Taoblog: Living in a Dream

Intentional Sleepwalking

“Remember, while you’re doing improv, you are part of a dream. It’s not your job to wake up just yet.”   — The Tao of Improv

I’ll describe the pattern of a typical dream.

It begins with some kind of image, thought, emotion or sense stimulation. It could be someone you saw the other day, the smell of lavender, a scene from a movie, a problem you’re grappling with, a sound you barely are aware of while you’re sleeping, a childhood memory…pretty much anything.

It resolves itself into pictures and sounds, and these resolve themselves into a scene. It might be a very loosely defined scene, and it may make no sense. But it takes place somewhere with someone and something is happening or about to happen.

Then, some image or sound from that scene stands out, and it spawns its own scene. This keeps branching out, with scenes bubbling up and creating others. And, whether you’re ready or not, it’s over. You either wake up or your dream state ends. Nothing usually gets resolved. The story doesn’t necessarily resemble a movie plot. But if you were able to recall every bit of the dream and work your way backwards from the end, you’d see where each new scene came from, until you worked your way back to the initial seed that gave life to the whole thing in the first place.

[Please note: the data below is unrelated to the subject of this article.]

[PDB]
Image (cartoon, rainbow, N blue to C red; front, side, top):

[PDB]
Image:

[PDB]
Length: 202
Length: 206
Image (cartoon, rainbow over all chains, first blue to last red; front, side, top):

I’m sure you see where I’m going with this. Because this resembles improv — particularly long form improv where a single piece of input spawns a scene, and scenes beget other scenes.

This dreamlike quality is what drew me to improv in the first place — both as an audience member and as a participant.

Because, in this improv dream, we are all participants. If you have a totally engaged audience, and a committed cast that performs honest improv, everyone is dreaming the exact same dream at the exact same time. And I find that amazing!

As the actor, you have some control over the direction the dream takes (like a lucid dreamer who can sense she is dreaming but is not quite awake). As an audience, you have less control (although your laughter or other responses will influence the dream, just like the noise of a passing fire truck siren can alter a dreamer’s dream).

In theory, the players and the witnesses will be content to be inside the dream without needing to know where it is going. In the back of their minds, they know that this feeling is ephemeral and will evaporate as soon as it is over. Try to capture it on video. That quality will always be lost.

And the dream just ends. The woman in the tech booth turns out the lights, and it’s over. And you’ve all done something so cool: you’ve dreamed a communal dream.

That’s good improv, in my opinion.


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